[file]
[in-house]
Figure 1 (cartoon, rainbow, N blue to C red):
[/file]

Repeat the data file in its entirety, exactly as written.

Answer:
[in-house]
Figure 1 (cartoon, rainbow, N blue to C red):